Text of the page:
3 min read

Admissions Travel Brochure without a Travel Season



This recruitment cycle is shaping up to be very different from others due to COVID-19. This is typically the time admissions counselors are hitting the road for fall travel. Admissions counselors usually have the months of September and October jam-packed full of college fairs and private visits to high schools. They pack their bags with items such as table cloths, pens, inquiry cards, and lots of informational brochures, one of which is usually a fancy travel brochure, known to many as the “road piece.” The travel brochure is a piece that gives a broad overview of the college or university and what it has to offer. It often provides a student with a list of majors, a glimpse of financial aid, and insight to what the school is known for. It also helps the prospect see themselves as a student at your school, through the various images portrayed of the campus, students, and staff. Travel is an enormous expense for colleges and universities, but one that comes with a huge payoff, as it is where schools pick up the majority of their inquiries.

So, what exactly do you do with a travel brochure when there is little to NO travel?

Those in enrollment management are being forced to come up with creative ways to use what has already been printed, or in some cases, what has not been printed, in their enrollment strategies. Here are some ideas that might be useful when thinking about how to use your travel brochure for the upcoming recruitment cycle:

  1. If not already printed, think about reimagining the layout and fold of your travel brochure. Redesign it to be a folded mailer with a personal note from the VP of Enrollment or Director of Admissions. This might be slightly over what is in the budget, due to the creation of a new fold and personalization; however, the money saved on sending counselors out on the road for weeks at a time should help offset the redesign and postage costs.
  2. If your brochure has already been printed, think about how you can get it into the hands of prospective students through the mail. One idea would be to mail it in a clear envelope, which is often more cost-effective than mailing in a regular paper envelope. Add a personalized letter from the VP of Enrollment, a faculty member, or even the Provost.
  3. Go digital…we know that students are all about using mobile devices for everything these days. Create a digital version of your travel brochure that provides students with valuable information about your college or university while also providing links so that they can visit and learn even more. A digital version of your travel brochure is also a good tool to have on hand when attending virtual colleges fairs and high school visits. Schools are using software such as Adobe so that counselors can share the PDF version of the travel brochure directly to their students. Issuu is a digital publishing platform that allows schools to embed their viewbook on their website and other spaces. Check out Octane: The Return for some ideas about interactive viewing.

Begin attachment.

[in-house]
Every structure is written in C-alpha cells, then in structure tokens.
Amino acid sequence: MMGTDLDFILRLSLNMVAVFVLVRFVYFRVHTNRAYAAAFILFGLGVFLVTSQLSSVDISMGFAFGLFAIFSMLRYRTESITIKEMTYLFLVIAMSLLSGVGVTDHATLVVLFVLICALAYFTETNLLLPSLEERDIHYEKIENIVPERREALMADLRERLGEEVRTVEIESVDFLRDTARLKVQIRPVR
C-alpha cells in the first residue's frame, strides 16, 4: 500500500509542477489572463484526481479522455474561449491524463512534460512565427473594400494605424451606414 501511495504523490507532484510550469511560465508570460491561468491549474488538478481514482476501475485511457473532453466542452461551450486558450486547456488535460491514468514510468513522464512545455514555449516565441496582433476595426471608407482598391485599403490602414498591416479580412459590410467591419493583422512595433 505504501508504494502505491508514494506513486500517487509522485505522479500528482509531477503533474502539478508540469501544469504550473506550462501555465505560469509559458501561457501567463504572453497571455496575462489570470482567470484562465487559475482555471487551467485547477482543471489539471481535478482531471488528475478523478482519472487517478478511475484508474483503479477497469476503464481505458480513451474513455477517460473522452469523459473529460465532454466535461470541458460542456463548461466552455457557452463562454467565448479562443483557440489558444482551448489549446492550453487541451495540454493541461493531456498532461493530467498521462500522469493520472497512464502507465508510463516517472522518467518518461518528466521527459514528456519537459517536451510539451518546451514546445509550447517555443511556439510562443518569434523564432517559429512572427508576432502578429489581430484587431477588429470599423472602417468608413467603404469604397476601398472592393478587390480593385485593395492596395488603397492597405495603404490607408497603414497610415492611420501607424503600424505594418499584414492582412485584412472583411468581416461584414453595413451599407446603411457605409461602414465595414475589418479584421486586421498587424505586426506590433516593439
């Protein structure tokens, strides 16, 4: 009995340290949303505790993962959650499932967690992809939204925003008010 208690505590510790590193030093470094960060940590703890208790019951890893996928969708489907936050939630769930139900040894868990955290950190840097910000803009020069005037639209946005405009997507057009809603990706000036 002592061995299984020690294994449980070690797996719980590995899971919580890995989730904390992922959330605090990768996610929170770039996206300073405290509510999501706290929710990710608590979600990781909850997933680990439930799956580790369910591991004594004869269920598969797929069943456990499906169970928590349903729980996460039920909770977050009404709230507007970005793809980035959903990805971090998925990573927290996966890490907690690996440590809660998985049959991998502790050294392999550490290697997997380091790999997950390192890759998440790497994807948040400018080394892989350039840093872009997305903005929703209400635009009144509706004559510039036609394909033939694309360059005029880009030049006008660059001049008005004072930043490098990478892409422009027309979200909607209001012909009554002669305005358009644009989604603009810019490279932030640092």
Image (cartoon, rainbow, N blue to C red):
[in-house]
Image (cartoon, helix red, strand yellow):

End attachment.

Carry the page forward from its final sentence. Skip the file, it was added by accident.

4. Many schools are hosting a limited number of in-person visits. If you are allowing students and parents to visit and attend events on your campus, use your travel brochure as part of their information packet. Students and parents love walking away from their campus visit or event with lots of print collateral in-hand.

Jazmane Brown, Assistant Vice President of Enrollment Management at Xavier University of Louisiana, found herself in the position of having to make a change with her travel brochure that was in the process of being produced.

“Knowing that travel season was launching virtually, I knew I needed to change strategies in order to remain in front of student engagement. Typically, we "travel" with well-produced pieces that introduced Xavier to prospective students. I wanted to ensure they received this no matter how they chose to indicate interest this year. Working with enrollmentFUEL, we re-created our Xavier travel brochure into a self-mailer that each student would receive no matter how they came into our funnel as an inquiry. Doing this also increased direct mail, which went against what most schools were doing, as they worked to produce only virtual pieces to share. I know that engagement comes in multiple facets, and remaining virtual wasn't the solution to this student population who wants to see more of an effort in outreach on their behalf."

Travel is, no doubt, one of the best ways to get in front of students, to interact with them, and to get the information about your school into their hands. COVID-19 is going to continue to present challenges for the 2020-2021 recruitment cycle and beyond. Now more than ever is the time to meet students where they are as they consider their options for the future.

Ashley Buchanan, Project Manager at enrollmentFUEL, is passionate about all things enrollment. In her role as Project Manager, she helps schools develop digital, student search, and application generation campaigns and works with them from start to finish on each campaign to ensure they bring in their class and set enrollment records.